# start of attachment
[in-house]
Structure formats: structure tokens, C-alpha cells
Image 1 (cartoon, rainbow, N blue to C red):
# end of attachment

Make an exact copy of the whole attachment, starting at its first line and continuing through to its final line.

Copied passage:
[in-house]
Structure formats: structure tokens, C-alpha cells
Image 1 (cartoon, rainbow, N blue to C red):